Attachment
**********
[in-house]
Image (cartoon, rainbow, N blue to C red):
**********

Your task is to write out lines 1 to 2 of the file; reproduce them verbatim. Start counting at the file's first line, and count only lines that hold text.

[in-house]
Image (cartoon, rainbow, N blue to C red):